Vancouver city Coun. Christine Boyle at city hall on Dec. 19.
Nick Procaylo / PNG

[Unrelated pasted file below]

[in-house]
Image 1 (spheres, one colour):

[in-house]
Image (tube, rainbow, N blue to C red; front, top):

The federal government should name climate change for the emergency that it is.Canada’s federal government is debating whether to declare a climate emergency. Meanwhile, people across the country are experiencing climate impacts up close. It matters that our governments recognize the urgency of climate change by naming it for the emergency it is. It matters even more that they act in line with that urgency.There’s no credible doubt that we’re facing a global climate emergency. That was the take home from the recent report from the Intergovernmental Panel on Climate Change on the implications of not holding temperatures to 1.5°C above pre-industrial levels. And that was the premise of Vancouver council’s unanimous vote in January, to respond to the climate crisis at the speed and scale the science requires, in a manner that prioritizes equity. It’s why, 90 days later, council unanimously adopted a climate emergency response plan, including “Six Big Moves” targeted at how we move, live and grow in order to ramp-up the city’s current efforts to fight climate change. Described as “technically feasible but pushing the limits,” it’s as bold and ambitious as we need to be.Numerous other municipalities are making similar moves, using all the tools at their disposal to help reduce our carbon emissions and fight climate change. By tackling climate and affordability concerns together, we can build a more stable future for current and future residents.For municipal governments, this means putting a climate and equity lens on land-use decisions, encouraging higher-density affordable housing along transit corridors, to create livable mixed-income communities with lower resource consumption. It means building even more rapid transit, so people can shift from private-car use to public transit and active transportation, cutting costs and carbon. It means further strengthening building codes, to regulate energy efficiency, the materials used in new developments, and the energy supplied to them.It all adds up to more affordability, livability and better health, for a wider range of people.Cities are important actors in climate action, and shouldn’t be underestimated. But cities can’t do this alone. We need other orders of government to act in line with the emergency.Supporting local climate leadership requires a long-term investment in public transit and affordable housing around transit stations. It requires setting hard sunset dates on specific fossil fuels, and making public investment in job training and transition to a renewable future.Taking the climate emergency seriously requires ambition at every step beyond the Harper-era climate targets, and even beyond lacklustre Paris Agreement targets. It requires governing in line with the science, and getting us to zero-emission by 2050. It requires wartime level mobilization and a plan on the scale of a Canadian Green New Deal.Vancouver is committed to doing our part. We didn’t just declare an emergency, we acted quickly in response to it. The city’s climate response is a necessary and ambitious plan and is complemented by an actionable policy agenda that will create a more sustainable, more livable, more affordable future.The federal government should name climate change for the emergency it is. And then act at the scale and speed necessary to truly tackle the emergency. Local governments have important climate policy tools, and are already stepping up to do their part. If we respond with urgency and innovation together, we can avoid the most catastrophic impacts of climate change.Christine Boyle is a Vancouver councillor with OneCity Vancouver. She brought forward the motion for Vancouver to declare a climate emergency and ramp-up its climate action in response.Letters to the editor should be sent to firstname.lastname@example.org. The editorial pages editor is Gordon Clark, who can be reached at email@example.com.CLICK HERE to report a typo.Is there more to this story? We’d like to hear from you about this or any other stories you think we should know about. Email firstname.lastname@example.org.